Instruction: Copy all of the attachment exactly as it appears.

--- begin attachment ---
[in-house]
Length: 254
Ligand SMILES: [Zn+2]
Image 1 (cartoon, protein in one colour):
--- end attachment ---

[in-house]
Length: 254
Ligand SMILES: [Zn+2]
Image 1 (cartoon, protein in one colour):